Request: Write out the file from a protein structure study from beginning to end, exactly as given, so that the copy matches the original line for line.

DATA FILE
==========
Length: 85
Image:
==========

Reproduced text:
Length: 85
Image: